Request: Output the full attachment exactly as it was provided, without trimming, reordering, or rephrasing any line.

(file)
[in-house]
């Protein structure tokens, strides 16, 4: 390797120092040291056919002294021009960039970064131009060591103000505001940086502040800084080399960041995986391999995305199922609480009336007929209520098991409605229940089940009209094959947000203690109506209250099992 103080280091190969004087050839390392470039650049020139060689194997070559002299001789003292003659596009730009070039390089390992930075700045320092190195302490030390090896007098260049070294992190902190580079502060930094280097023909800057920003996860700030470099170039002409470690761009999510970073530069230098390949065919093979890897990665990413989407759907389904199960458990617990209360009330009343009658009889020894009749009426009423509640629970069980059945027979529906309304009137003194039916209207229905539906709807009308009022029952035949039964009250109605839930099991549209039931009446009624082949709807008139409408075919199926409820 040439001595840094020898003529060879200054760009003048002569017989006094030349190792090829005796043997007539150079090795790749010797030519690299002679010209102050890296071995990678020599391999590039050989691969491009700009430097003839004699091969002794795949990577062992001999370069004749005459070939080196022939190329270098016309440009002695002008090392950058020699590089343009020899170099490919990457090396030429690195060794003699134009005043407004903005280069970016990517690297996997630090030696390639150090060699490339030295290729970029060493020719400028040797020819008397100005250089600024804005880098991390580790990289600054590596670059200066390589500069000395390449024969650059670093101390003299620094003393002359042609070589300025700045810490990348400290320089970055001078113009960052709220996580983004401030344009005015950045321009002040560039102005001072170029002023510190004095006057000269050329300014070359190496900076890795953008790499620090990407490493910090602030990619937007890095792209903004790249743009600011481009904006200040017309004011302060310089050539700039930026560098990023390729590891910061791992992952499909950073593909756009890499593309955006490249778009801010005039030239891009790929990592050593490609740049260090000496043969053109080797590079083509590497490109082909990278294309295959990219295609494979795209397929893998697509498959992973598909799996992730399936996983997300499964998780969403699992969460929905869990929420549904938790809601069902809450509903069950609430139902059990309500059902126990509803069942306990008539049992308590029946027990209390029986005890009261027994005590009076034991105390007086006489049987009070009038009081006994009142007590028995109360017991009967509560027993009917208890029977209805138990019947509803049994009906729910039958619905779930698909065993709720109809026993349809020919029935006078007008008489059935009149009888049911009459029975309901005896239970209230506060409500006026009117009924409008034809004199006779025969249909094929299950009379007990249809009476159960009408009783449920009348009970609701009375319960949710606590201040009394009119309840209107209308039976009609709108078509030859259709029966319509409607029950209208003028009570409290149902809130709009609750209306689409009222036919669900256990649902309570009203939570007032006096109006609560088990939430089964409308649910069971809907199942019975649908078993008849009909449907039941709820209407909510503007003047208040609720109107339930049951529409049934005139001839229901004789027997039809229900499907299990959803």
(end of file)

[in-house]
């Protein structure tokens, strides 16, 4: 390797120092040291056919002294021009960039970064131009060591103000505001940086502040800084080399960041995986391999995305199922609480009336007929209520098991409605229940089940009209094959947000203690109506209250099992 103080280091190969004087050839390392470039650049020139060689194997070559002299001789003292003659596009730009070039390089390992930075700045320092190195302490030390090896007098260049070294992190902190580079502060930094280097023909800057920003996860700030470099170039002409470690761009999510970073530069230098390949065919093979890897990665990413989407759907389904199960458990617990209360009330009343009658009889020894009749009426009423509640629970069980059945027979529906309304009137003194039916209207229905539906709807009308009022029952035949039964009250109605839930099991549209039931009446009624082949709807008139409408075919199926409820 040439001595840094020898003529060879200054760009003048002569017989006094030349190792090829005796043997007539150079090795790749010797030519690299002679010209102050890296071995990678020599391999590039050989691969491009700009430097003839004699091969002794795949990577062992001999370069004749005459070939080196022939190329270098016309440009002695002008090392950058020699590089343009020899170099490919990457090396030429690195060794003699134009005043407004903005280069970016990517690297996997630090030696390639150090060699490339030295290729970029060493020719400028040797020819008397100005250089600024804005880098991390580790990289600054590596670059200066390589500069000395390449024969650059670093101390003299620094003393002359042609070589300025700045810490990348400290320089970055001078113009960052709220996580983004401030344009005015950045321009002040560039102005001072170029002023510190004095006057000269050329300014070359190496900076890795953008790499620090990407490493910090602030990619937007890095792209903004790249743009600011481009904006200040017309004011302060310089050539700039930026560098990023390729590891910061791992992952499909950073593909756009890499593309955006490249778009801010005039030239891009790929990592050593490609740049260090000496043969053109080797590079083509590497490109082909990278294309295959990219295609494979795209397929893998697509498959992973598909799996992730399936996983997300499964998780969403699992969460929905869990929420549904938790809601069902809450509903069950609430139902059990309500059902126990509803069942306990008539049992308590029946027990209390029986005890009261027994005590009076034991105390007086006489049987009070009038009081006994009142007590028995109360017991009967509560027993009917208890029977209805138990019947509803049994009906729910039958619905779930698909065993709720109809026993349809020919029935006078007008008489059935009149009888049911009459029975309901005896239970209230506060409500006026009117009924409008034809004199006779025969249909094929299950009379007990249809009476159960009408009783449920009348009970609701009375319960949710606590201040009394009119309840209107209308039976009609709108078509030859259709029966319509409607029950209208003028009570409290149902809130709009609750209306689409009222036919669900256990649902309570009203939570007032006096109006609560088990939430089964409308649910069971809907199942019975649908078993008849009909449907039941709820209407909510503007003047208040609720109107339930049951529409049934005139001839229901004789027997039809229900499907299990959803």